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Search results for: Rare Earth mineral

USA-MINERALS/
RTX1IC9H
June 30, 2015
Samples of rare earth minerals from left, Cerium oxide, Bastnasite, Neodymium oxide and Lanthanum carbonate...
Mountain Pass, UNITED STATES
Samples of rare earth minerals, Cerium oxide, Bastnasite, Neodymium oxide and Lanthanum carbonate are...
Samples of rare earth minerals from left, Cerium oxide, Bastnasite, Neodymium oxide and Lanthanum carbonate are on display during a tour of Molycorp's Mountain Pass Rare Earth facility in Mountain Pass, California June 29, 2015. REUTERS/David Becker
RAREEARTH/JAPAN
RTR2OHGB
July 05, 2011
A bastnaesite mineral containing rare earth from the United States, is pictured next to cell phones,...
Tokyo, Japan
Photo illustration of bastnaesite mineral containing rare earth from the United States, pictured in Tokyo...
A bastnaesite mineral containing rare earth from the United States, is pictured next to cell phones, which utilises the minerals during manufacturing at a laboratory of Yasuhiro Kato, an associate professor of earth science at the University of Tokyo, in this photo illustration taken July 5, 2011. Vast deposits of rare earth minerals, crucial in making high-tech electronics products, have been found on the floor of the Pacific Ocean and can be readily extracted, Japanese scientists said on Monday. REUTERS/Yuriko Nakao (JAPAN - Tags: BUSINESS ENVIRONMENT)
RAREEARTH/JAPAN
RTR2OHG3
July 05, 2011
A bastnaesite mineral containing rare earth is pictured at a laboratory of Yasuhiro Kato, an associate...
Tokyo, Japan
A bastnaesite mineral containing rare earth is pictured in Tokyo
A bastnaesite mineral containing rare earth is pictured at a laboratory of Yasuhiro Kato, an associate professor of earth science at the University of Tokyo, July 5, 2011. Vast deposits of rare earth minerals, crucial in making high-tech electronics products, have been found on the floor of the Pacific Ocean and can be readily extracted, Japanese scientists said on Monday. REUTERS/Yuriko Nakao (JAPAN - Tags: ENVIRONMENT BUSINESS)
RAREEARTH/JAPAN
RTR2OHFY
July 05, 2011
A bastnaesite mineral containing rare earth is pictured at a laboratory of Yasuhiro Kato, an associate...
Tokyo, Japan
A bastnaesite mineral containing rare earth is pictured in Tokyo
A bastnaesite mineral containing rare earth is pictured at a laboratory of Yasuhiro Kato, an associate professor of earth science at the University of Tokyo, July 5, 2011. Vast deposits of rare earth minerals, crucial in making high-tech electronics products, have been found on the floor of the Pacific Ocean and can be readily extracted, Japanese scientists said on Monday. REUTERS/Yuriko Nakao (JAPAN - Tags: ENVIRONMENT BUSINESS)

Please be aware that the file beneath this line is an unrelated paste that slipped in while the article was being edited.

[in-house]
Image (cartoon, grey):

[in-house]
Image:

RAREEARTH/JAPAN
RTR2OHEJ
July 05, 2011
Mud samples extracted from below the Pacific ocean surface where rare earth elements were found, is pictured...
Tokyo, Japan
Mud samples extracted from below the Pacific ocean surface is pictured in Tokyo
Mud samples extracted from below the Pacific ocean surface where rare earth elements were found, is pictured at a laboratory of Yasuhiro Kato, an associate professor of earth science at the University of Tokyo, July 5, 2011. Vast deposits of rare earth minerals, crucial in making high-tech electronics products, have been found on the floor of the Pacific Ocean and can be readily extracted, Japanese scientists said on Monday. REUTERS/Yuriko Nakao (JAPAN - Tags: ENVIRONMENT BUSINESS)
RAREEARTH/JAPAN
RTR2OHEH
July 05, 2011
A mud sample extracted from the depths of about 4,000 metres (13,123 ft) below the Pacific ocean surface...
Tokyo, Japan
A mud sample extracted from the depths of about 4,000 metres (13,123 ft) below the Pacific ocean surface...
A mud sample extracted from the depths of about 4,000 metres (13,123 ft) below the Pacific ocean surface where rare earth elements were found, is pictured at a laboratory of Yasuhiro Kato, an associate professor of earth science at the University of Tokyo, July 5, 2011. Vast deposits of rare earth minerals, crucial in making high-tech electronics products, have been found on the floor of the Pacific Ocean and can be readily extracted, Japanese scientists said on Monday. REUTERS/Yuriko Nakao (JAPAN - Tags: ENVIRONMENT BUSINESS)
RAREEARTH/JAPAN
RTR2OHEE
July 05, 2011
Yasuhiro Kato, an associate professor of earth science at the University of Tokyo, shows off a mud sample...
Tokyo, Japan
Yasuhiro Kato, an associate professor of earth science at the University of Tokyo, shows off a mud sample...